Media Room

Instagram-Worthy Texas Stops

Ask anyone who has driven across the country and they may tell you driving across Texas was the most picturesque part. It is a big state with plenty of reasons to stop, get out of your car, walk around and snap a few photos. Here are ten Instagram-worthy iconic Texas stops.
 



Cadillac Ranch 
In 1974, eccentric Amarillo billionaire Stanley March III wanted a piece of public art that would baffle the locals. He commissioned a group of traveling artists to install a tribute to the evolution of the Cadillac fin. The group buried ten Cadillacs nose down at the same angle of Great Pyramids. Today the kitschy roadside attraction along Route 66 west of Amarillo is a must-stop for anyone driving through the Texas Panhandle. Visitors are encouraged to bring spray paint or grab a half-used discarded bottle from the pile circling the piece of public art and leave their mark on the cars.
 




Big Bend National Park 
Some say it is the way the light reflects off of the dusty mountains, others say it is the majestic landscape, while other say it is the vastness of the horizon. Whatever the reason, Big Bend National Park is a must stop for anyone with the photography bug who wants to snap the perfect photo of the rugged West Texas landscape, or anyone who appreciates 800,000 acres of raw natural beauty. The park is so large it encompasses three natural habitats ripe for exploration: river, desert and mountains for visitors to float, hike, bike, ride or drive through the scenic park. The dramatic beauty of the Santa Elena Canyon with its 1,500-foot cliff walls makes for a memorable photo as does the ragged peaks of the Chisos mountain range.
 




Luckenbach, Texas 
Everyone is someone in Luckenbach, Texas. Waylon Jennings made the tiny unincorporated town on the edge of Gillespie County famous when he sang about it in Luckenbach, Texas (Back to the Basics of Love). Originally established as a trading post in 1849, today the town consists of a post office/general store, a bar and a dance hall (all the essentials of a good Texas country town). Grab a beer at the small bar in the back of the general store and if you are lucky, listen to a live jam session that would make Waylon, Willie and the boys proud.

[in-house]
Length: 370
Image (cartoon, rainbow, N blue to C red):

The Alamo 
What is the first image that pops into your mind when you hear the word Texas? For most people it is the Alamo. The landmark is as synonymous with Texas as the Eiffel Tower is with France. The Spanish mission built in the early 1700s was the key battleground site during Texas’ war for independence from Mexico. When thousands of Mexican soldiers surrounded the 182 voluntary Texan soldiers inside the Alamo, Colonel William Travis refused to surrender. He and his men, including Davy Crockett and Jim Bowie, defended the fort for 13 days before the Mexican army overpowered them. Days later Texas declared its independence from Mexico. Sam Houston used the phrase “Remember the Alamo” as a battle-cry to win independence. For Texans, the Alamo is a symbol of heroic resistance and independence.  Visitors are still remembering the Alamo with the #RememberTheAlamo hashtag on their Alamo selfies.
 



Bluebonnets